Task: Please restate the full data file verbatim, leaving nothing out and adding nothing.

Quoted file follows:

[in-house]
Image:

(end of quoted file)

[in-house]
Image: